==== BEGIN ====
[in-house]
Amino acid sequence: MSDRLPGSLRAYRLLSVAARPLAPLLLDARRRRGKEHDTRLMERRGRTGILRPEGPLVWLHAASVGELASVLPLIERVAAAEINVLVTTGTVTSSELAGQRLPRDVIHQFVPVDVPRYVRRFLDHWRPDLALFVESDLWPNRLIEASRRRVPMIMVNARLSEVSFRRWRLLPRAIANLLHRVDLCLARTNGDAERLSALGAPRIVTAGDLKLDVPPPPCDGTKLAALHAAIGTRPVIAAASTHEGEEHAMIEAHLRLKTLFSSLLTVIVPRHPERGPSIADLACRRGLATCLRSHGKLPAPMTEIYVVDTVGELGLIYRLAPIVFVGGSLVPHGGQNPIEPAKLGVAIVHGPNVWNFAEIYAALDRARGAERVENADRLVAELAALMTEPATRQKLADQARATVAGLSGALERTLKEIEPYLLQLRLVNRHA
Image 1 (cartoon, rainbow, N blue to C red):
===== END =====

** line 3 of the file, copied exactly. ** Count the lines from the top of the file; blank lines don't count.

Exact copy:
Image 1 (cartoon, rainbow, N blue to C red):